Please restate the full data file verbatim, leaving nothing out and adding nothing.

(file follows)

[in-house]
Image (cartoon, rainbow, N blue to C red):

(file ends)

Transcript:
[in-house]
Image (cartoon, rainbow, N blue to C red):